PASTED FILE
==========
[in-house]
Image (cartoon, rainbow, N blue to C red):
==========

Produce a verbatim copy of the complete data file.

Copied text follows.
[in-house]
Image (cartoon, rainbow, N blue to C red):